2 Maccabees 9:5
1 About that time, as it happened, Antiochus had retreated in disorder from the region of Persia. 2 He had entered the city called Persepolis and attempted to rob the temples and control the city. Therefore the people rushed to the rescue with arms, and Antiochus and his army were defeated, with the result that Antiochus was put to flight by the inhabitants and beat a shameful retreat. 3 While he was in Ecbatana, news came to him of what had happened to Nicanor and the forces of Timothy. 4 Transported with rage, he conceived the idea of turning upon the Jews the injury done by those who had put him to flight; so he ordered his charioteer to drive without stopping until he completed the journey. But the judgment of heaven rode with him! For in his arrogance he said, "When I get there I will make Jerusalem a cemetery of Jews." 5 But the all-seeing Lord, the God of Israel, struck him with an incurable and invisible blow. As soon as he stopped speaking he was seized with a pain in his bowels, for which there was no relief, and with sharp internal tortures— 6 and that very justly, for he had tortured the bowels of others with many and strange inflictions.
20 Now Herod was having an angry quarrel with the people of Tyre and Sidon. So they joined together and presented themselves before him. And after convincing Blastus, the king’s personal assistant, to help them, they asked for peace because their country’s food supply was provided by the king’s country. 21 On a day determined in advance, Herod put on his royal robes, sat down on the judgment seat, and made a speech to them. 22 But the crowd began to shout, “The voice of a god, and not of a man!” 23 Immediately an angel of the Lord struck Herod down because he did not give the glory to God, and he was eaten by worms and died. 24 But the word of God kept on increasing and multiplying.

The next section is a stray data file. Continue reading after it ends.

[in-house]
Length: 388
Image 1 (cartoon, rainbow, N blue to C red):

Notes and References
"... Luke shows himself to be acquainted with some at least of the literature in which martyrdom is developed as a narrative form. His acquaintance with Daniel needs no proof. More important is the likelihood that he knew 2 Maccabees. This is evident in his description of the death of Herod in Acts 12:23. While the sudden and humiliating death of a tyrant is a widespread theme, there are particular parallels with the death of Antiochus in 2 Maccabees 9:5 ... The reading in Acts 12: 23, if not original, suggests a scribe who was aware of the parallel (2 Maccabees 9:9). It is therefore not fanciful to suggest, if parallels in Luke with earlier martyr-literature can be found, that Luke was aware of their significance ..."
Horbury, William Suffering and Martyrdom in the New Testament: Studies Presented to G. M. Styler (p. 29) Cambridge University Press, 1981
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